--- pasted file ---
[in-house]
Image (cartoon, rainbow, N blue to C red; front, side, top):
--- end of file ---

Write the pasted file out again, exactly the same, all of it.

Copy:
[in-house]
Image (cartoon, rainbow, N blue to C red; front, side, top):